Unless you’ve been living in a cave lately, you’ve heard the B word uttered more than a few times. But what is all this talk of Bitcoin, and why is it causing so much hype? And while we’re on the subject… What is Bitcoin anyway?
Chances are, you’ve asked yourself or someone else that question on more than one occasion, but probably with unsatisfactory results. You know by now that it’s a currency, just like the dollar, except… nothing like the dollar.
You can’t physically hold Bitcoins, as they live only in cyberspace, and you probably wouldn’t be able to hold a handful of them anyway, since each Bitcoin is worth around $10,000.
If you keep hearing about people winning the cryptocurrency lottery and turning a few cents into millions of dollars, you might be tempted to take part.
Until you hear the other stories saying the Bitcoin bubble is about to burst and you decide to hold back.
So, let’s start at the very beginning.
What is Bitcoin?
Bitcoin is a digital currency, otherwise known as cryptocurrency. It was invented under the alias of Satoshi Nakamoto in 2009, with several goals. One, to cut out the middlemen (banks), as transactions can take place online from Bitcoin to Bitcoin with no fees and no delays. Small businesses don’t have to pay credit card transaction fees and we can do business internationally without converting currency.
Sounds pretty smart, right? Yes, but Bitcoin is not without its problems. Its decentralized nature means that no bank or institution controls the level of inflation, which means it’s highly volatile to peaks and troughs in value. What started out as a few cents on the dollar shot to a record high of almost $20,000 in December 2017 and then slumped back down to half of that within a few days.
Clearly, this makes stable business with Bitcoin currently impossible. And you may be asking, if one Bitcoin is so expensive, how are regular people getting involved?
Anyone can buy into Bitcoin because you don’t have to buy a whole Bitcoin; you can buy fractions of a Bitcoin, called Satoshi. Its skyrocketing value has led to many to call it “digital gold,” as most people treat Bitcoin as an investment and not a currency–at least, for now.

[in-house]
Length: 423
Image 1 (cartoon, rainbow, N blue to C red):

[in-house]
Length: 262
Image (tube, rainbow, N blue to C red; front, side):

Types of Cryptocurrencies
Bitcoin isn’t the only cryptocurrency out there. You probably already know that. What you may not know is that there are now close to 5,000 different cryptocurrencies available! Why? Each cryptocurrency is created for a different purpose. For example, Agrecoin is for agricultural transactions, Audiocoin for buying music, and so on.
But instead of analyzing every coin on this growing list, let’s give you a general idea. Cryptocurrencies can be broken down into three different types:
“Coins,” make up the first group of cryptocurrencies, (albeit digital ones). Coins use encryption techniques to regulate the generation of units of currency and verify fund transfers. The original crypto coin? You guessed it, Bitcoin. Instead of using these as coins though, Bitcoin has become more of an investment vehicle, with people investing and holding, rather than buying and selling.
2. Utility Tokens
If you’re looking to get the real use out of crypto, make a transaction and daily purchases, utility tokens are the best option. Ethereum is the best example of a utility token that helps waiver transaction costs and move money without fees. It still has a volatile value, but markedly less so than Bitcoin.
3. Tokenized Securities
Call them tokenized securities, or security tokens. Basically, the idea is the same. They represent shares in a business. Like buying into a project (such as the two currencies mentioned above, agrecoin and audiocoin).
Coins, utility tokens and tokenized securities, when it comes to investing, are presented to the public as an ICO, or initial coin offering, to raise funds in the same way as an IPO, but with a crypto twist, and, of course, without the regulation.
You’re probably realizing by now why you haven’t had a straight answer to your question about what is Bitcoin yet. That’s because it isn’t easy to explain! Here are the main things you should know:
- Bitcoin is a digital currency with no regulatory body and no banks.
- It’s good for making Bitcoin to Bitcoin transactions
- Lack of regulation is getting continuingly banned in countries like China
- It’s extremely volatile and subject to huge fluctuations
So, if you want to jump on the Bitcoin train, are you too late? Some people may think so, others remain quietly confident that it’s not over yet. But one thing you should keep in mind–never invest more than you can afford to lose.